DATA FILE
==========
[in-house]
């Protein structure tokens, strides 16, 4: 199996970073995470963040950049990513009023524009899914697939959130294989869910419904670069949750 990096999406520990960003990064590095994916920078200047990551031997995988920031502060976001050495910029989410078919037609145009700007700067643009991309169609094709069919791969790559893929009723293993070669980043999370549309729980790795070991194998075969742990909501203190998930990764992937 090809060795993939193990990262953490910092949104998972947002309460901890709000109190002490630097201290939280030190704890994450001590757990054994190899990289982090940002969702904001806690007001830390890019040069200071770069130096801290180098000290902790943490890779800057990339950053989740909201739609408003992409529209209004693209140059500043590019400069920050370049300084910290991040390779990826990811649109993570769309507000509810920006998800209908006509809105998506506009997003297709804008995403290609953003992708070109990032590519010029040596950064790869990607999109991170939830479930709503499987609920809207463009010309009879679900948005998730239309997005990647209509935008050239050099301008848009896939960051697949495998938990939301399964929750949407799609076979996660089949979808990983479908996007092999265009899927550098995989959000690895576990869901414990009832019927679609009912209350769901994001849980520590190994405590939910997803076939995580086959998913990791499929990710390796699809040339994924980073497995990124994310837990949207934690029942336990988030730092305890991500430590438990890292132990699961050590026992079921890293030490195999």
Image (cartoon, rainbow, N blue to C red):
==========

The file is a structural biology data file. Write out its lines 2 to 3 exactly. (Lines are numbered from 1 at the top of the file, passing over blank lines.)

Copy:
């Protein structure tokens, strides 16, 4: 199996970073995470963040950049990513009023524009899914697939959130294989869910419904670069949750 990096999406520990960003990064590095994916920078200047990551031997995988920031502060976001050495910029989410078919037609145009700007700067643009991309169609094709069919791969790559893929009723293993070669980043999370549309729980790795070991194998075969742990909501203190998930990764992937 090809060795993939193990990262953490910092949104998972947002309460901890709000109190002490630097201290939280030190704890994450001590757990054994190899990289982090940002969702904001806690007001830390890019040069200071770069130096801290180098000290902790943490890779800057990339950053989740909201739609408003992409529209209004693209140059500043590019400069920050370049300084910290991040390779990826990811649109993570769309507000509810920006998800209908006509809105998506506009997003297709804008995403290609953003992708070109990032590519010029040596950064790869990607999109991170939830479930709503499987609920809207463009010309009879679900948005998730239309997005990647209509935008050239050099301008848009896939960051697949495998938990939301399964929750949407799609076979996660089949979808990983479908996007092999265009899927550098995989959000690895576990869901414990009832019927679609009912209350769901994001849980520590190994405590939910997803076939995580086959998913990791499929990710390796699809040339994924980073497995990124994310837990949207934690029942336990988030730092305890991500430590438990890292132990699961050590026992079921890293030490195999």
Image (cartoon, rainbow, N blue to C red):